According to the World Health Organization (WHO), 1 in 10 medical products in developing countries is falsified or substandard. The impact on personal and public health is estimated in the region upwards of $200 billion annually. According to a Pfizer-sponsored survey, Western Europeans spend an estimated 10.5 billion euros ($14.3 billion) a year on illicitly sourced medicines. According to Boyd Insurance, Medicare fraud in the U.S. alone costs about $68 billion a year.
In developing countries each year, more than 250,000 children with malaria and pneumonia, common illnesses do not survive after being treated with fake and substandard drugs. Around 30% of drugs that are sold in developing and third-world countries are considered to be counterfeits. Inspection and approval mechanisms are mostly inefficient or even non-existent in some cases. On the technical side, expensive analytic equipment generally isn’t available, while simple, accurate, and inexpensive testing systems for use in the field, at pharmacies, and at points of care remain out of reach for most communities.
Blockchain opens up the possibility of truly placing the patient at the centre of the healthcare ecosystem. A blockchain system could ensure a chain-of-custody log, tracking each step of the supply chain. The technology has the potential to also transform the industry through increased the security, privacy, and interoperability of health data. New models for health information exchanges are being build which make electronic medical records more efficient, disintermediated, and secure. Blockchain is seen as a powerful tool that can also help cut costs, carry out effective relief efforts, improve medical record keeping or access, and much more.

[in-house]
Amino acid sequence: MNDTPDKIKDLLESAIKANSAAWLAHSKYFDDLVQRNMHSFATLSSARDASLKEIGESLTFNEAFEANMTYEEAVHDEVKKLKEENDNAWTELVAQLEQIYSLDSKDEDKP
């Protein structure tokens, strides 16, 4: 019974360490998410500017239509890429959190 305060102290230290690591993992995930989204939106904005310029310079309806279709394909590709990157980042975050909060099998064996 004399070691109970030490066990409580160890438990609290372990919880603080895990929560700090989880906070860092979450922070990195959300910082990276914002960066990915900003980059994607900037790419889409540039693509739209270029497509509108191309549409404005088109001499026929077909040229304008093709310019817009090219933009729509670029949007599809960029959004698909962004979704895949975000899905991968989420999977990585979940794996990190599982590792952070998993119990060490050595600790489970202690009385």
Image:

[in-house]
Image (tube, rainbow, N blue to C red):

By 2020, global annual health spending is expected to reach over $8.734 trillion. According to a report by BIS research, by 2025, the healthcare industry can save up to $100 billion per year in data breach-related costs, IT costs, operations costs, support function and personnel costs, counterfeit-related frauds and insurance frauds if they incorporate the blockchain technology. The report also states that the use of “a global blockchain in the healthcare market is expected grow at a CAGR of 63.85% from 2018 to 2025, to reach a value of $5.61 billion by 2025. The use of blockchain for healthcare data exchange will contribute the largest market share throughout the forecast period, reaching a value of $1.89 billion by 2025, owing to the use of blockchain to solve the most widespread problem in healthcare information systems related to interoperability and non-standardization that has created data silos in the industry.”
The promise of blockchain has widespread implications for stakeholders in the health care ecosystem. Taking advantage of the benefits of this technology can connect fragmented systems to generate insights and to better assess the value of care through blockchain powered health information exchanges which unlock the true value of interoperability. With blockchain-based systems, a reduction of systematic friction and costs can be achieved and in the long run, blockchain networks for electronic medical records are expected to improve efficiencies and support better health outcomes for patients.